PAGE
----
Letting rip on the need for manners
Table manners were a huge thing in our house when I was growing up. Relaxing, it wasn't. Jesus, Eleanor what are you doing with your fork. Take your elbows off the table. Close your mouth.
My daughter was fascinated recently by the fact that we used to put a small piece of butter on the side of the plate and then put it on the bread. She's right to be incredulous. It's a mega waste of time. I never went overboard in my admonishing of them for a small error, but I suppose I must have pointed out the rights and wrongs of cutlery control and closed mouth mastication because they have commented on the fact that at any function, they are invariably the only ones at the table who don't put their knives in their mouth and put their cutlery together when finished.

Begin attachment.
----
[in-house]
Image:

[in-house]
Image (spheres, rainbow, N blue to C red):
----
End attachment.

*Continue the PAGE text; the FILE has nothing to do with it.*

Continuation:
I told them to soldier on or Granny would rise up and beat the crap out of them. I also pride myself on the fact that I would never offend anybody by my table manners, so imagine my surprise when I dashed into a restaurant the other day for a quick snack and had a fizzy drink with my meal and, lo and behold, I let out a rip-roaring belch without realising it.
I genuinely didn't see it coming. Heads turned from other tables and all I could do was murmur a very feeble "excuse me". And then another sonic boom escaped from my rosebud mouth again the other day. A really mammoth one. My daughter looked at me in disbelief and said: "Dear God, mum, when I have kids I don't think I'll be introducing them to you."
I refrained from pointing out that it was the harrowing time I had rearing them that has left me a tad oblivious to the niceties in life.
Sunday Indo Living